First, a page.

During the communistera, it became a career to say that in the future it would be necessary to go through the settlements with dynamite and blow up the serial block housing built there with low aesthetic qualities: barracks-like, several-story blocks from the 1960s with blind kitchens or those erected in the next decade from large slabs, usually ten-story high.
By the way, this solution was largely applied in the West, where cheap prefabricated construction had already been phased out, and the suburban developments, populated by a low-income population, often of immigrant origin and poorly integrated with the rest of society, became a breeding ground for crime, generating political unrest.
victims of demolitions
In Poland, due to insufficient housing stock, the vision of demolishing large-panel blocks of flats is still unfulfilled. Instead, the victims of demolition are office buildings from the communistera, which, as individual investments, allowed their creators to demonstrate individual design ingenuity, and at the same time materially documented the memory of the architectural culture of the times in which they were erected.
A particular "systematization" (a term from the time of Nicolae Ceauşescu in reference to the reconstruction of Bucharest and Transylvanian villages) seems to have been subjected in Cracow to Wadowicka Street, which is a section of the road axis laid out back in the 18th century by Austrian military engineers at the founding of the town of Podgórze.
Two years ago, the Hydropol headquarters at No. 3 disappeared from Wadowicka Street, which was a modernist development with a functionally simplified body, typical of the late 1950s and early 1960s. The first floor and the fourth floor were indented in relation to the main body of the building, while the whole was covered by a plunging ceiling, thus slightly lowering inward. The oblique projection of the side walls beyond the face of the preceding floors gave the whole structure a lightness, while the asymmetrical arrangement of windows of different lengths prevented the impression of monotony, as did the use of colored plaster for this purpose. In turn, the entrance, protruding in front of the building's pediment and open on all sides with a mezzanine supported by pillars, was eminently decorative.
Hydropol headquarters during demolition, new investment in the background
photo: Leslaw Czaplinski
A slightly older Elbud office building at No. 12 at Wadowicka Street is currently being demolished, representing the Socialist-Realist style, albeit with a remarkably resolved facade, with the main body rounded on the sides passing into risalits on both sides. The last storey of the pediment itself is topped with a raised roof, which is also a decorative element in the form of rectangular blendes, symmetrical with respect to the row of windows below. Those on the lower floors, in turn, are provided with surrounding, geometrized cornices, the only manifestation of ornamentation. A balcony was located above the entrance. The whole building is governed by the principle of symmetry, inherent in the classicist Socialist Realist style.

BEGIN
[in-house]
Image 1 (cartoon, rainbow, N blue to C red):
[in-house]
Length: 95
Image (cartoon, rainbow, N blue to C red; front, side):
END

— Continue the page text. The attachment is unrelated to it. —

Elbud office building during demolition
photo: Lesław Czapliński
Printing Plant, Aggregate and Power Generation Plant
However, the previously rebuilt building of the former Władysław Ludwik Anczyc Printing House at 8 Wadowicka Street has survived, although apart from a risalit extending beyond the frontage, supported by two V-shaped pillars, the rest of the building has lost its original shape.
What also remains are two undistinguished office buildings: Kruszywo at No. 5 and Zaklady Remontowe Energetyki at No. 14 - an example of German pavilion architecture, widespread in the former socialist countries.
Kruszywo office building at 5 Wadowicka Street
photo: Lesław Czaplińsk
Thus, not only is the memory of the past erased, but also the continuity of the urban fabric of the city. The place of architectural diversity is being replaced by a stylistic monotony of banal buildings, as heralded by both the terraced buildings being erected on the site of Hydropol, duplicating the same pattern three times, and the visualizations of those that will replace Elbud.
In the 19th century, the infamous name of "burzymurks" was earned by those responsible for the disappearance of the City Hall, the city fortifications and the churches of St. Stephen and All Saints from the topography of Krakow. In 1892, as a gesture of protest, Jan Matejko returned his honorary citizenship of the city of Cracow in connection with the demolition of the buildings of Poduchaty (church, monastery and hospital) in order to obtain land for the construction of a new Municipal Theater.
Will there be his successor in the city's public life today, who will try to oppose such reckless decisions? The removal of architectural structures from space is not only the acquisition of valuable plots of land for commercial purposes, but also a kind of historical policy that removes from the collective consciousness the memory of politically undesirable periods in the past.